As an Australian/French co-production (and entitled Perfect Mothers when I saw it in Paris), it’s tempting to credit the naturalistic acting style to the former, and the overwrought romantic storyline to the latter, but perhaps it’s unfair to suggest that Australian cinema shies away from dealing with rather twisted affairs of the heart. That certainly isn’t the case here.
The story, just to set it up briefly, deals with the eponymous mothers, Lil (played by Naomi Watts) and Roz (played by Robin Wright), whose entire lives appear to have been spent in each other’s company in the same sleepy seaside Australian town. In the space of the credits sequence, the film skips forward from their adolescence playing in the sea, to their own children (both boys) playing in the sea around the time of the funeral of Lil’s husband, to when their boys are fully grown, all on the same stretch of light-saturated beach. It’s all presented as fairly idyllic — sitting out by the sound of the sea sipping sauvignon blanc in the sunshine — and we never really get much of a sense of the rest of the town (except that there’s an office where Lil works, and a small theatre where Roz’s husband and son work). The point at which it all starts to unravel a bit, and where the (French) title gets its ironic sting, is when it becomes apparent that their respective children have developed romantic attachments towards the other’s mother, and that these feelings are reciprocated.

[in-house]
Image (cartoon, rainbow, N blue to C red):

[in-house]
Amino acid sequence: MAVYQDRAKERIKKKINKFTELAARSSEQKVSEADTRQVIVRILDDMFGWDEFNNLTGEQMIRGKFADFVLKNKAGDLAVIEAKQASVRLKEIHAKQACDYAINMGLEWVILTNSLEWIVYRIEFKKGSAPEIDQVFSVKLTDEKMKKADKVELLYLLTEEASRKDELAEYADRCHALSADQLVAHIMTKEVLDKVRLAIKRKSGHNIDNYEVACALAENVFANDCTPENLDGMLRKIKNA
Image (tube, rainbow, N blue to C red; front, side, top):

However one feels about the somewhat incestuous theme of the film, there is real delight to be had in the acting, which feels unforced and fresh. Wright’s Australian accent only occasionally falters, and both she and Watts do really well with the uncomfortable subject matter. It’s to the film’s (and the actors’) credit that it’s the relationship between the two mothers, rather than that with the (rather bland) sons, which anchors the story and feels like the primary interest of the film.